The key features of Oracle Shared Server that make it an invaluable tool for Oracle DBAs include:
- Scalability: Oracle Shared Server can support a large number of concurrent users and sessions, making it ideal for high-volume applications.
- Efficiency: Oracle Shared Server uses resources more efficiently than dedicated servers, requiring fewer processes and less memory. This can lead to significant performance improvements, especially on systems with limited resources.
- Availability: Oracle Shared Server is more resilient to failures than dedicated servers. If a shared server process fails, the other shared server processes can continue to serve clients. This makes Oracle Shared Server a good choice for mission-critical applications.
- Manageability: Oracle Shared Server is easier to manage than dedicated servers. This is because there are fewer processes to monitor and manage.
In addition to these key features, Oracle Shared Server also offers a number of other benefits, such as:
- Improved performance for certain database features: Some database features, such as parallel execution and RAC, can perform better when using Oracle Shared Server.
- Reduced memory usage: Oracle Shared Server uses less memory than dedicated servers, because it shares a single PGA across all shared server processes.
- Reduced CPU usage: Oracle Shared Server can reduce CPU usage by offloading some tasks to the dispatcher process.
- Simplified configuration and management: Oracle Shared Server is easier to configure and manage than dedicated servers, because there are fewer processes to monitor and manage.
Overall, Oracle Shared Server is a powerful and versatile tool that can be used to improve the performance, scalability, availability, and manageability of Oracle databases. Here are some specific examples of how Oracle DBAs can use Oracle Shared Server to improve their database environments:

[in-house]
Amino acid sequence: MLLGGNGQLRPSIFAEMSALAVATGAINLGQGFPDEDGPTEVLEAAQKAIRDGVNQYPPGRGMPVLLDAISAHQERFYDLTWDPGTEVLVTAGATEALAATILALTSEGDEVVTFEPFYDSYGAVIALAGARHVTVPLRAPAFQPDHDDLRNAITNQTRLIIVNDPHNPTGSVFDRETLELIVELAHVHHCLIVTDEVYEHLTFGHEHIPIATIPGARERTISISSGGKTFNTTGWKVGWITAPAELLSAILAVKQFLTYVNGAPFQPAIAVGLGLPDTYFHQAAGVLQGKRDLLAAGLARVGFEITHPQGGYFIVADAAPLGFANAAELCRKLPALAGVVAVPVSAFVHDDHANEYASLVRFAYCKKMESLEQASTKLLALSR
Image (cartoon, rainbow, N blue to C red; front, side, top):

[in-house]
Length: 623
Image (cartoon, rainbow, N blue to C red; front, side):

- Scalability: To improve the scalability of a database, Oracle DBAs can configure Oracle Shared Server to support a larger number of concurrent users and sessions. This can be done by increasing the number of shared server processes or by using dedicated servers for certain tasks, such as batch jobs.
- Efficiency: To improve the efficiency of a database, Oracle DBAs can tune the Oracle Shared Server configuration parameters. For example, they can adjust the number of shared server processes, the PGA size, and the dispatcher queue size.
- Availability: To improve the availability of a database, Oracle DBAs can configure Oracle Shared Server to be more resilient to failures. For example, they can use the dispatcher failover feature and the shared server failover feature.
- Manageability: To improve the manageability of a database, Oracle DBAs can use the Oracle Shared Server monitoring tools. For example, they can use the V$SESSION view to view information about shared server sessions and the V$SESS_TIME_MODEL view to view information about shared server timeouts.
Overall, Oracle Shared Server is a valuable tool for Oracle DBAs who want to improve the performance, scalability, availability, and manageability of their database environments.
This module demonstrated that the Shared Server can be used as a command-line utility to manage Oracle databases.
In addition, Oracle Shared Server's functionality is being merged into SQL*Plus, and that SQL*Plus now supercedes Server Manager as the command-line interface to Oracle. Some of the simpler Shared Server commands have been experimented with, and by now you are comfortable with starting Shared Server and connecting to a database.
You should also be comfortable entering and executing commands and know how to recover when you mistakenly enter an invalid command.